Hoarding in Vegas home worst officials ever saw

Photo provided by City of Las Vegas via the Las Vegas Review-Journal shows hoarder Kenneth Epstein's home during cleanup attempt AP Photo/City of Las Vegas via Las Vegas Review-Journal

LAS VEGAS Officials say a Las Vegas home stacked floor to ceiling with so many items that the front door had to be removed for entrance is the worst case of hoarding that they have ever seen.

Armed with a court-signed abatement warrant, officials swarmed Kenneth Epstein's home on Friday and began hauling away items after they declared it uninhabitable, reported.

City spokesman David Riggleman said Epstein had created a space for himself to crawl atop the materials, but wouldn't have been able to walk upright in the house.

"It's a very tragic situation, but it's also tragic for the neighbors," Councilman Stavros Anthony said.

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Clark County Health District and Las Vegas Fire Department officials told KLAS the hoard had created a safety hazard.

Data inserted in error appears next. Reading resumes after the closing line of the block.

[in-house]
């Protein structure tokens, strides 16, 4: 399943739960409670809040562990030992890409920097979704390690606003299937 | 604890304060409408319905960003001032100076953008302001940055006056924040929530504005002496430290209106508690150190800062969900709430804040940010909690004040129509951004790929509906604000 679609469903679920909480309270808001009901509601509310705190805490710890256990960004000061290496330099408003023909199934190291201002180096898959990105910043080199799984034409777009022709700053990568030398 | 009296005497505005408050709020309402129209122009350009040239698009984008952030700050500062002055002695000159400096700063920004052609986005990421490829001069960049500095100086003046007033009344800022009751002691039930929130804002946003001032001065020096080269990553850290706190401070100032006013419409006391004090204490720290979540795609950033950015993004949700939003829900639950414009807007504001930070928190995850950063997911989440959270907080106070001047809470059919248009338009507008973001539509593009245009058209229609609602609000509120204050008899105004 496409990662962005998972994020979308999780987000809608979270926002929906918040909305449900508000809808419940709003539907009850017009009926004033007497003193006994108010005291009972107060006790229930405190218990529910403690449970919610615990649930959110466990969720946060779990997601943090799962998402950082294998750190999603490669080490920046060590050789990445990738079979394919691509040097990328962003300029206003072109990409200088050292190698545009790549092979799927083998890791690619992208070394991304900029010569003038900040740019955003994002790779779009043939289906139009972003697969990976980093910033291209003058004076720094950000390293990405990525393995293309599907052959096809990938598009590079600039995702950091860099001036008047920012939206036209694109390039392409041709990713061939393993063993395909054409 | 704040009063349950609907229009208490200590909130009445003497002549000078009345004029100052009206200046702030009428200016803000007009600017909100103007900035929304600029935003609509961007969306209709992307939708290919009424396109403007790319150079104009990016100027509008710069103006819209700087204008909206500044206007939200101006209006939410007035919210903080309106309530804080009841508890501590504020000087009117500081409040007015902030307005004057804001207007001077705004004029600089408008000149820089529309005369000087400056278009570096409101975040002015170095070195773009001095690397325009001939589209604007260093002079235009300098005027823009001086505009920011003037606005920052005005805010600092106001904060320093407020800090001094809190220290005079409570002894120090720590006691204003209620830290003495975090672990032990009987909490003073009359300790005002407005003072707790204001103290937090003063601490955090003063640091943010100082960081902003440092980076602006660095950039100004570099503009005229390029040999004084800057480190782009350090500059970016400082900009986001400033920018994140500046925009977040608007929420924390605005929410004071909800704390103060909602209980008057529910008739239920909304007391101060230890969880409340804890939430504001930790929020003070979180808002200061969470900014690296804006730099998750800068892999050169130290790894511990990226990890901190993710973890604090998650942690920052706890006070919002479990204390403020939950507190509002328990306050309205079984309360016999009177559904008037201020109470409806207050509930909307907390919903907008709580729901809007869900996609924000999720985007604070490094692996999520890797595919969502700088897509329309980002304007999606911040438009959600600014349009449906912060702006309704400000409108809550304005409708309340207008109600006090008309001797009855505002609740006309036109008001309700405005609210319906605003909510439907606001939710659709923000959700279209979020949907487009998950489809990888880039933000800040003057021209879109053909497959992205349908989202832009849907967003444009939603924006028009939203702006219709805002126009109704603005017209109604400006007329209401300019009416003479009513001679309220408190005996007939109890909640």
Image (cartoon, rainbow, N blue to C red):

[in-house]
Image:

Building code officials went to the home last week but couldn't enter because too much stuff was blocking the door. They had to take the door off the hinges.

In all, a private removal company working with officials removed about 15 truckloads of materials.

Items removed so far included five refrigerators filled with food so rancid it had liquefied. Five dead cats also have been found, and nine others were captured by animal control officers.

Epstein declined to comment, telling the Review-Journal: "You can write whatever you like about me."

He has been cooperative except when he locked himself in the house Friday when workers tried to enter to remove items authorized under the administrative warrant.

Items that Epstein wants to keep will be put in two storage bins and fumigated. If he doesn't pay for the cleanup, the city will file a lien against his house.

Epstein has received eight city citations about the hoarding since 2007. According to neighbors, the problem became more severe in the last two years as materials piled onto his front courtyard and back patio.

Epstein became the home's owner in 2010 after his mother died.

People often become hoarders because of trauma in their life, according to experts.

"This probably won't be the last episode. We understand we may have to return," Riggleman said.

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